DAVID GREGORY: Sheryl, what is the optimistic case? Facts are facts, and again the challenges of the American dream being within reach are still facts that government has to deal with, that individuals have to deal with. What is the more hopeful case though about the American people?

SHERYL WUDUNN: Well, I think that the problem is government gridlock. It really is. Head Start, as the reverend said, 57,000 kids have been shut out of Head Start. And illegal immigrant children have no way to move up. The chances of an American moving up is worse. It's one out of 12, versus in Britain, it's one out of eight. So what does that mean? That means as Washington dithers, America burns.

And that's really important. The government used to be the provider of opportunity. Mass education, local community high schools, secondary and tertiary education. The president mentioned Head Start, and that may be the single most critical thing that actually could help us build the American dream again. But as Washington dithers, America burns.

DAVID BROOKS: Head Starts, not a successful program? Well, let me play the positives. Listen--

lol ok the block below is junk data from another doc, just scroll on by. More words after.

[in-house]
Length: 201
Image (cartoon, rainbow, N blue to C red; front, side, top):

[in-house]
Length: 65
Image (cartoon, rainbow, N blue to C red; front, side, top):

SHERYL WUDUNN: I actually-- the bill--

DAVID BROOKS: Well, let me play at the positives, because I want to ask you something Congressman Labrador just said. We are still an amazingly talented country. You go to schools, you've got kids named Juan Hernandez Goldberg floating around there, mixtures of all these different ethnicities. We're really tolerant compared to other countries. And we still have these fantastic stories.

I just had lunch with a woman named Katie who was from a not great family, she's homeless, spends part her time homeless, decides she's going to enlist in the navy, the enlistment officer says, "No, you shouldn't enlist in the navy, you should go to Annapolis." She graduates this year number one academically in her class, she gets a Rhodes Scholarship, she runs track, she's a Marine. You run across these stories all the time and they still are endemic to the way we live.